ICTP Photo Archives/Roberto Barnaba

A conversation with Professor Fernando Quevedo, Director of ICTP (Abdus Salam International Centre for Theoretical Physics, Trieste, Italy)
Professor Fernando Quevedo is a well-known theoretical particle physicist with wide-ranging research interests in string theory, phenomenology and cosmology. He obtained his PhD from the University of Texas at Austin in 1986 under the supervision of Nobel Laureate Steven Weinberg. Following a number of research appointments at CERN, McGill University, Institut de Physique – Neuchatel, and the Los Alamos National Laboratory, Quevedo joined the Department of Applied Mathematics and Theoretical Physics at the University of Cambridge, UK, in 1998, where he is currently Professor of Theoretical Physics. He was appointed director of The Abdus Salam International Centre for Theoretical Physics (ICTP) in 2009 and leads the ICTP research group on String Phenomenology and Cosmology.

About ICTP: Cutting edge research, education and training.

For more than 50 years, the Abdus Salam International Centre for Theoretical Physics (ICTP) has been a driving force behind global efforts to advance scientific expertise in the developing world.

Founded in 1964 by the late Nobel Laureate Abdus Salam, ICTP seeks to accomplish its mandate by providing scientists from developing countries with the continuing education and skills that they need to enjoy long and productive careers. ICTP has been a major force in stemming the scientific brain drain from the developing world.

ICTP alumni serve as professors at major universities, chairpersons of academic departments, directors of research centres and ministers of science and technology in nations throughout the developing world. Many of them have been recognized in their own countries and internationally for their contributions to science and science policy. The impact of ICTP extends well beyond the Centre’s facilities to virtually every corner of the Earth.

Full interview is available in the first issue of InnoVibe Magazine.


A meeting with Mauro Giacca, Director-General of ICGEB (International Centre for Genetic Engineering and Biotechnology).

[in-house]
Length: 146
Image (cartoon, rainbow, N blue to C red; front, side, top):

The role of ICGEB (in Trieste and other sites of New Delhi and Cape Town) as a key player of the challenge.

The ICGEB is an international, nonprofit research organization. Established as a special project of UNIDO, it became fully autonomous in 1994 and now counts over 60 Member States.

The International Centre for Genetic Engineering and Biotechnology provides a scientific and educational environment of the highest standard and conducts innovative research in life sciences for the benefit of developing countries. It strengthens the research capability of its Members through training and funding programmes and advisory services and represents a comprehensive approach to promoting biotechnology internationally.


The Centre is dedicated to advanced research and training in molecular biology and biotechnology and holds out the prospect of advancing knowledge and applying the latest techniques in the fields of:

  • Biomedicine
  • Crop improvement
  • Environmental protection/remediation
  • Biopharmaceuticals and biopesticide production

With Components in Trieste, Italy, New Delhi, India and Cape Town, South Africa, the Centre forms an interactive network with Affiliated Centres in ICGEB Member States. ICGEB is part of the United Nations System.

Full interview is available in the first issue of InnoVibe Magazine.

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Discovering Trieste: a bridge between the present and the past in Europe

Short-list of “to do things” in Trieste

I love Trieste.

I spent in Trieste more than 13 years of my life and I always feel a sense of melancholy, when my mind goes back to the time I lived there.

Trieste is very close to the borders of Slovenia and Austria. This is the reason why the first impression you may have visiting the city and its surroundings, is that you can feel like you are not looking at a typical Italian town. Being part of the Austrian territory from 1382 until 1919, Trieste was the historical Austrian harbor for long time. The influence of Austro-Hungarian cultural heritage is still a strong feature that characterizes the architecture of the city, even in the typical local cuisine and food and, more in general, in the attitude of people: apparently cold and reserved, distant and (at a first sight) almost unfriendly. But, no worries, after a while and a glass of local wine (and in this regard the choice offered by the region is exceptional) everybody will be friendly and glad to introduce you to the beauty of the city and a “spritz”, an aperitif typical of the North East region of Italy. You will also enjoy the possibility to learn some words of the local slang, used in all context of everyday life and absolutely necessary to request a cup of coffee in one of the historical cafeterias of Trieste. There are at least nine ways to taste coffee… and never forget that Trieste is also well known to be the city of coffee (for the presence of one of the most worldwide recognized coffee company, the Illycaffè).

Therefore, let’s start a short journey to see the most attractive places to visit for a quick stop in the city.

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